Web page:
All of the best things are not necessarily shiny and new — think of the gorgeous patina on an antique chest, the gleam of old silver and the complex flavor of a really special aged bottle of wine. So why does it seem like we’ve been trending toward disposable furniture and away from well-made old stuff? It may be easy to fill a home quickly with goods from a chain store, but we may be missing out on some pretty spectacular benefits by going all-new. Here are five reasons to consider adding vintage pieces, antiques and good old hand-me-downs to your home, and to appreciate the old stuff you already have.
1. Old things are unique and make your home more personal. Yes, those glossy catalogs are gorgeous, and designed and styled to entice us and your neighbors and friends, too — meaning that many of our homes end up looking strikingly similar simply because we have ordered furniture and accessories from the same places. But when you hunt down something in an antiques store or at a flea market, chances are you won’t see the same thing in your friend’s home. Working old stuff into your rooms also forces you to get more creative, coming up with interesting ways of putting things together you never would have considered if you were shopping solely at one or two stores.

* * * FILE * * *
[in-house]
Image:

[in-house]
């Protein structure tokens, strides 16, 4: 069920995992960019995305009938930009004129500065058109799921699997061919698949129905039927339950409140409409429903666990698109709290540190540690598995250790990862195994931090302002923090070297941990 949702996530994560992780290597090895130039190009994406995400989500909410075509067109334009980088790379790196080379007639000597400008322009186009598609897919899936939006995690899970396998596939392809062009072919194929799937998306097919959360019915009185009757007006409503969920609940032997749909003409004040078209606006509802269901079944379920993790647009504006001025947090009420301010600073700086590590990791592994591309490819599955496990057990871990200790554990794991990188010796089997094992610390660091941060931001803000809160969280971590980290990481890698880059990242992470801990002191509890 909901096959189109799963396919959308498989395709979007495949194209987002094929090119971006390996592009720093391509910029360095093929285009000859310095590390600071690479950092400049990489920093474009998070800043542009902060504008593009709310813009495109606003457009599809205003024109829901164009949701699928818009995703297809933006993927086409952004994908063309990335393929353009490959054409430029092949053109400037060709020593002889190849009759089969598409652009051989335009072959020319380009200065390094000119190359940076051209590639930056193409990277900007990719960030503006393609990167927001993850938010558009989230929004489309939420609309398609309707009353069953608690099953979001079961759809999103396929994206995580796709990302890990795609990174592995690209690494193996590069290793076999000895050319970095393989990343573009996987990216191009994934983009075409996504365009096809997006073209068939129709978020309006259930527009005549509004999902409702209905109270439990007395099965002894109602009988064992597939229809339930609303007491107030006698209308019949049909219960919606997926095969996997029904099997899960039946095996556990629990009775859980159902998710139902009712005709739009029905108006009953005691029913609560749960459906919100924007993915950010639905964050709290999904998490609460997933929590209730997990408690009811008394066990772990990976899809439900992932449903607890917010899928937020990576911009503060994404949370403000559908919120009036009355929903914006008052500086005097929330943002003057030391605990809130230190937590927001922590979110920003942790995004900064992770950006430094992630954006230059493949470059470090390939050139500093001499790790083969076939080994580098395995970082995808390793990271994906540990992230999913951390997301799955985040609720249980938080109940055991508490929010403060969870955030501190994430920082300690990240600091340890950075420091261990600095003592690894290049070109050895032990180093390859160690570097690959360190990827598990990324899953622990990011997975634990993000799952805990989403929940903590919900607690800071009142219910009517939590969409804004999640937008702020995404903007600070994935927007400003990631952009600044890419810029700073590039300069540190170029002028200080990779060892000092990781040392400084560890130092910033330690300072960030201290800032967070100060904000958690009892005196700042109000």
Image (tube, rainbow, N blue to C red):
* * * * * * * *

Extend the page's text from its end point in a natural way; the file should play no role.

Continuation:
Style tip: Rethink heirlooms. This table from a Paris flea market is so interesting — and it may very well be that your children or grandchildren will covet it more than a traditional box of fancy china. And regardless of whether you have kids, wouldn’t it be nice to own things that are bound to keep or increase their value?
2. They preserve a slice of history. Whether what you have is a valuable antique or a fun vintage find, old stuff is bound to be wrapped up in a story. It could be the personal story of how you found the piece (wandering the aisles of a seaside flea market), a family tale about the person who gave it to you (your great-aunt who used to haul the brass bed outdoors on hot summer nights), or a larger historical story about the era when it was made (a creamer used on an old steamship during the golden age of travel).